SEOUL (Reuters) – South Korea plans to send kits designed to run up to 600,000 coronavirus tests to the United States on Tuesday after an appeal from U.S. President Donald Trump, a Seoul official said.
FILE PHOTO: A medical staff member in protective gear prepares to take samples from a visitor at a ‘drive-thru’ testing center for the novel coronavirus disease of COVID-19 in Yeungnam University Medical Center in Daegu, South Korea, March 3, 2020. REUTERS/Kim Kyung-Hoon
Trump made the request in a telephone call with President Moon Jae-in on March 25, as the United States was grappling with fast-growing outbreaks in many states.
South Korean companies have previously shipped test kits to U.S. cities including Los Angeles, but this would mark the first bulk order from the U.S. federal government.
A U.S. Federal Emergency Management Agency cargo plane carrying the equipment is scheduled to leave at 10:30 p.m. (1330 GMT) on Tuesday, the official said on condition of anonymity due to the diplomatic sensitivity of the issue.
The first shipments will be handed over to and paid for by the U.S. government, the official said on Monday.
An additional package of kits that can conduct as many as 150,000 tests will be exported in the near future and will be sold through an unspecified local retailer, the official said.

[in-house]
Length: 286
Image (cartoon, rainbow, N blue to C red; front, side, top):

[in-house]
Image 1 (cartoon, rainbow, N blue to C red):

The polymerase chain reaction (PCR) kits will be sourced from three companies that secured preliminary approval late last month from the U.S. Food and Drug Administration (FDA) to export kits to the United States, the official said.
He declined to name the two companies that will provide the shipments on Tuesday.
However, a person with direct knowledge of the matter said, on condition of anonymity, that one of the two firms is Osang Healthcare and the company will provide kits for 300,000 tests.
South Korea’s foreign ministry said it did not have information to share immediately.
Calls to Osang Healthcare for a comment were not answered.
Once struggling with the first large outbreak outside China, South Korea has largely managed to bring its coronavirus cases under control without major disruptions thanks to a massive testing campaign and intensive contact tracing.
South Korea credits part of its success to moves by government officials and private companies to develop and secure regulatory approval for tests, allowing the country to quickly test thousands of people.
The United States has recorded more fatalities from COVID-19, the respiratory disease caused by the coronavirus, than any other country, nearly 22,000 as of Sunday, with 42 states imposing strict stay-at-home orders.
“We’ve moved as quickly as possible to get necessary clearances given the urgency of the situation there,” the South Korean official said.
Reporting by Hyonhee Shin and Sangmi Cha; Additional reporting by Hyunjoo Jin; Editing by Lincoln Feast and Alexander Smith
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